ellen scottEllen Levy and Scott Townsend, Secondary Services Team          


“I always wanted to go to college, but I never had the confidence that I could say and write the things I know.” She smiles and sweeps the bangs from her eyes. “Then someone showed me how.” 

– Monica DiBella, senior, New Dorp High School, Staten Island, as quoted in
The Writing Revolution by Peg Tyre, The Atlantic, October 2012

We’ve met many students like Monica. Students who grew up in the United States and have been enrolled in American schools for five, eight, 10 years or more, but continue to struggle with reading academic texts and writing analytical essays. Fortunately for Monica, her school agreed to focus on explicit writing instruction.

Monica’s school transformed from a site with a 40 percent dropout rate and few students earning college credit to what is now being touted as a model of school reform. While reading about this transformation, we were struck by some of the false assumptions that teachers initially had about their students. Many teachers had believed that:

  • Students did not have the intelligence to write essays of high school caliber
  • Students were choosing not to put forth their best effort
  • Teachers did not need to change their instructional practice, even after years of student failure

After deciding to focus on writing instruction, the staff identified the essential writing skills the students needed. To do this, they gathered in collaborative teams and discovered that many students struggled with conjunctions, such as for, and, nor, but, or, and so, as well as more complex transition words like although and despite.

Teachers realized that it was almost impossible to determine whether a poorly written response to a prompt was due to the students’ lack of content understanding or a lack of the language needed to express their understanding.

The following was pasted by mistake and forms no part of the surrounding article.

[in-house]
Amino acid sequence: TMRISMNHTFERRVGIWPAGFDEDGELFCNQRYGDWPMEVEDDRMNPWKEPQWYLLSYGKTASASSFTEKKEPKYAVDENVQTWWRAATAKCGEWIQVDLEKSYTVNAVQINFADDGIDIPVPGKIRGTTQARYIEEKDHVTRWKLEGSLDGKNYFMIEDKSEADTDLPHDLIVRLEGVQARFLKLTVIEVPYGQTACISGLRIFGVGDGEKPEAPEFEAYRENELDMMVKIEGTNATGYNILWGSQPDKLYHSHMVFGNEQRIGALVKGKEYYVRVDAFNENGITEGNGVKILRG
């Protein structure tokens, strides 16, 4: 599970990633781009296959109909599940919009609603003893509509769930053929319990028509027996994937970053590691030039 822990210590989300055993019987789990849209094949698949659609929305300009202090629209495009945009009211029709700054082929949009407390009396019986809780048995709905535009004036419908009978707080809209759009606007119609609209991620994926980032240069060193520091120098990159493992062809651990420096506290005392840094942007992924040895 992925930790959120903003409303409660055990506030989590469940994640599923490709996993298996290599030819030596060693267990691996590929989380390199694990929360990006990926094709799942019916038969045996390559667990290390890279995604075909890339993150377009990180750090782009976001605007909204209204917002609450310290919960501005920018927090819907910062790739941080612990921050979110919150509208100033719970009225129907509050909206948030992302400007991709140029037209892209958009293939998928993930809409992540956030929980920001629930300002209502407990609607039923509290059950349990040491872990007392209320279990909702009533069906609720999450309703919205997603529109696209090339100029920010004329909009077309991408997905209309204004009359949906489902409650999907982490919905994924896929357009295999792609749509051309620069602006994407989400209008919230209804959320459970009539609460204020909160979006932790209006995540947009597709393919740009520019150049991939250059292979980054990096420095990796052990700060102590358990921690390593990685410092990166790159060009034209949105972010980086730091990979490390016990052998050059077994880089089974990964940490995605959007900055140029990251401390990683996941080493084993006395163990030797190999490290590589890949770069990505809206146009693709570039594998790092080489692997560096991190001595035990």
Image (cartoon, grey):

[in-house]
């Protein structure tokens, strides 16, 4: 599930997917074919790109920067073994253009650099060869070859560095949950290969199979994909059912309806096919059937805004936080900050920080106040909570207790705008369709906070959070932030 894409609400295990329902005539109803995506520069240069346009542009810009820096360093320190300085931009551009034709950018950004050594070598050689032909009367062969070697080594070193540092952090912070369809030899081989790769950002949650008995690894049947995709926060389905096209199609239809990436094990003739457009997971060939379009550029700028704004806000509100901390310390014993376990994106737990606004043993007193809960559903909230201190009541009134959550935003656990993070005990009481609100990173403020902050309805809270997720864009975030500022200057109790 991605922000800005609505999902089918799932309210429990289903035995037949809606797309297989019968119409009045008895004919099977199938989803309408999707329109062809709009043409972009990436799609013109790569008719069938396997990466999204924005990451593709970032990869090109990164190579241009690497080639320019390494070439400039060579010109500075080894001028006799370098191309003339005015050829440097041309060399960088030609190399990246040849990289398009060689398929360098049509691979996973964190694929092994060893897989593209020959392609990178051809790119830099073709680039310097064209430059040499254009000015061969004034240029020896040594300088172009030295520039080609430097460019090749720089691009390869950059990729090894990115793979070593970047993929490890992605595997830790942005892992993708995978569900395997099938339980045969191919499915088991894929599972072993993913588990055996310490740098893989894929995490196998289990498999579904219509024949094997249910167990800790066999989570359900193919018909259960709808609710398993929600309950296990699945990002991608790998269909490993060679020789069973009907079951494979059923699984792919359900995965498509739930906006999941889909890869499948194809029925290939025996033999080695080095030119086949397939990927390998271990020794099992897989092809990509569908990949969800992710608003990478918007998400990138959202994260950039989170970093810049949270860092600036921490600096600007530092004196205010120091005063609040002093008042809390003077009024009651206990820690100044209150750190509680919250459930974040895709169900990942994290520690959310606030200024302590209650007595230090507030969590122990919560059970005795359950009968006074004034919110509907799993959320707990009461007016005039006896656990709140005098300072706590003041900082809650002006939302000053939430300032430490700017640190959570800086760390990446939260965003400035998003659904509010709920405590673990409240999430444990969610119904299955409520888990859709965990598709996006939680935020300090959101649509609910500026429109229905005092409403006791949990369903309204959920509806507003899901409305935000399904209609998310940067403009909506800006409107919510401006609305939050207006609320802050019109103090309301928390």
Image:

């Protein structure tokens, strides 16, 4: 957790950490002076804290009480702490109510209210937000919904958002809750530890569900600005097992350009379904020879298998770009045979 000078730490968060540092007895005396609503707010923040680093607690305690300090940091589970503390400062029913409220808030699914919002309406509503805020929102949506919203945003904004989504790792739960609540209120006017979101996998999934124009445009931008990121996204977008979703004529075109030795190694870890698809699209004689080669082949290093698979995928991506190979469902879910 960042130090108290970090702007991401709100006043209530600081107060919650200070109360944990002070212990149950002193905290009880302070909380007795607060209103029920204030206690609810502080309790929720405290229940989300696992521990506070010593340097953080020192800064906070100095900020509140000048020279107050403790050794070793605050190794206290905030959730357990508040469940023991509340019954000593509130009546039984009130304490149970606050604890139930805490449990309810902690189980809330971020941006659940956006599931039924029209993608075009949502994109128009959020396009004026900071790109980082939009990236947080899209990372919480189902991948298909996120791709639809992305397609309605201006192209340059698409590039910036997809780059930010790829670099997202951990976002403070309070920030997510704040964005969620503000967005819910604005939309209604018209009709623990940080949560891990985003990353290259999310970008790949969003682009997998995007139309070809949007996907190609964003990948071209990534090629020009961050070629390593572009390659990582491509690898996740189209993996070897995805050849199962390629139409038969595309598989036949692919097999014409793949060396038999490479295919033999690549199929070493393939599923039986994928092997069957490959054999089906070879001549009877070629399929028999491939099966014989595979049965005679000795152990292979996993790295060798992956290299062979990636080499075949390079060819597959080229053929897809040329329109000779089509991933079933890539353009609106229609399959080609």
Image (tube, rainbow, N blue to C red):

This realization forced teachers to question their previously held assumptions. They could no longer assume that students were lazy, nor could they assume that their instruction included all of the knowledge and skills that students needed. They came to understand that there are specific rules of language and writing that the students didn’t know and had to be taught explicitly.

“There are phrases – specifically, for instance, for example – that help you add detail to a paragraph,” Monica explains. She reflects for a moment. “Who could have known that, unless someone taught them?”

The staff of Monica’s school pursued a new approach to writing instruction, but just as important, they questioned and discarded their notion of student deficiency. Without faulty assumptions about the inability of the students, both teacher and student were free to embrace learning with new vigor. 

The outlook is hopeful for Monica, and students like her all around the country, who are now receiving explicit language instruction. No longer can we assume that students bring to our classes the academic language knowledge needed for success. It is our professional obligation to teach our students how to express the sophistication of their thinking. By taking this step, we equip them for future opportunities.  

This blog was previously published with the title, “Academic Writing – Building Confidence, Supporting Student Success.”